Orlen lowered fuel prices? The prosecutor’s office in Płock initiated an investigation

Luc Williams

Iwona Śmigielska-Kowalska, spokeswoman for the Płock District Prosecutor’s Office, told PAP on Wednesday that an investigation into suspected lowering of fuel prices by Orlen was initiated there on January 17 this year. “It covers the period from August 1 to October 31, 2023.“- she emphasized.

As prosecutor Śmigielska-Kowalska explained, the proceedings concern “causing a direct threat of large-scale property damage to the Orlen company in an amount yet to be determined.”

According to the spokeswoman of the Płock District Prosecutor’s Office, the investigation is to determine whether “due to abuse of powers or failure to fulfill obligations by persons managing the Orlen company” there could have been an “undue lowering of liquid fuel prices compared to market prices” in the mentioned period.

Two people submitted notifications

“Two people reported suspected crimes in this case,” noted prosecutor Śmigielska-Kowalska. She added that before initiating the investigation, the Płock District Prosecutor’s Office carried out verification activities focusing on the circumstances provided by the notifiers.

In November 2023, Andrzej Domański from KO, currently the Minister of Finance, told PAP that Orlen should be depoliticized. “It is very clear and clear that Orlen has entered into politics. What we saw before the elections, i.e. artificially lowering fuel prices, was clearly for electoral purposes. PLN 5.99 was a price that did not correspond to market prices at all. We know that the company suffered losses as a result, we know that there was a shortage of this fuel at many stations,” Domański emphasized then.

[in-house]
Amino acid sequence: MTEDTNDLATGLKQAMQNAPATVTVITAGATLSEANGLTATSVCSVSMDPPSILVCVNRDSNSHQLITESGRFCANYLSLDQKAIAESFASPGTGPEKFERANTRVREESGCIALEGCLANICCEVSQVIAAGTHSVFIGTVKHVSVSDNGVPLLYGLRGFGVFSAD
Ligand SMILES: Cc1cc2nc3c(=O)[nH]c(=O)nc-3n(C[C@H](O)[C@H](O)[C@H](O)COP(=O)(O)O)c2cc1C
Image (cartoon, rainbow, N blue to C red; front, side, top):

Obajtek: Thanks to the mergers completed in recent years, we have greater negotiating opportunities

At the beginning of October 2023, Orlen’s president, Daniel Obajtek, assured that the company sees its pricing policy in the long term. “Price stabilization is profitable for Orlen, as it ensures stable sales, but also has a positive impact on the economy and the situation of customers. Taking into account the current market situation, I would like to inform you that we do not anticipate any increase in prices at gas stations in the coming weeks,” Obajtek said then.

He pointed out: “We have diversified oil supplies, signed long-term contracts, and built strong commercial competences. Thanks to the mergers completed in recent years, we have greater negotiating opportunities and are now much more resistant to market turmoil than in the past. Looking short and medium term, we see no reason to increase prices.”

The Orlen Group is a multi-energy concern that owns, among others: refineries in Poland, the Czech Republic and Lithuania. He also manages the petrochemical segment and the hydrocarbon mining segment. At the same time, it is developing the segment of renewable energy sources and plans to develop safe nuclear energy – by 2030 it intends to launch at least one small SMR nuclear reactor.

Recently, Orlen reported that it has a total of 3,439 fuel stations, including 1,931 in Poland and 1,508 on foreign markets, including Germany, the Czech Republic, Slovakia, Hungary, Lithuania and Austria. (PAP)

Author: Michał Budkiewicz


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